Vitamin B12 is released from foods by stomach acid and digestion. This means that when digestion is impaired, even if you eat an adequate amount, you may still suffer from low levels. Signs you might not be getting enough B12:

Vitamin B6

B6 is effective at relieving nausea and is a popular remedy for morning sickness. In fact, B6 is often a component of prescription nausea medications.

What it does:

B6 does more for the body than ease a queasy stomach, including:

Natural food sources:

  • Seafood
  • Offal
  • Poultry
  • Starchy vegetables
  • Non-citrus fruits

Signs you’re not getting enough:

B6 deficiency on its own is uncommon. However, if you’re low in B12 and folate (B9), you might be low in B6, too. You might not be getting enough B6 if you experience the following:

  • Cracks at the corners of the mouth
  • Swollen tongue
  • Depression
  • Confusion
  • Weakened immunity
  • Irritability

Vitamin B1

Also known as thiamine, vitamin B1 is vital for cellular health and energy metabolism.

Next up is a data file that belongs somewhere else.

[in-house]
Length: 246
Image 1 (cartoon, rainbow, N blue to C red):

What it does:

Without adequate B1 levels, your body won’t be able to rev up its energy levels or metabolism. Other vital functions include:

Natural food sources:

Thiamine is found in many food sources, although fruits have a lower concentration per serving than meat and seafood.

  • All types of meat, especially pork
  • Fish
  • Fruits

Signs you’re not getting enough:

You likely aren’t low in B1 unless you’re low in all the B vitamins, but if you were, you might notice:

Vitamin B2

Riboflavin, also known as vitamin B2, is vital for energy production and cellular health. It works in conjunction with other B vitamins, and functions as an antioxidant in the body.

What it does:

B2 helps the body make energy, but it’s also needed for:

Natural food sources:

Riboflavin is found in several food sources, with eggs and organ meats offering up the highest levels per serving.

Signs you’re not getting enough:

You might not be getting enough riboflavin if you experience:

Vitamin B3

Vitamin B3 is also known as niacin, and it’s vital for converting food into energy.

What it does:

Niacin helps break down food to be used for cellular energy, but it also helps with: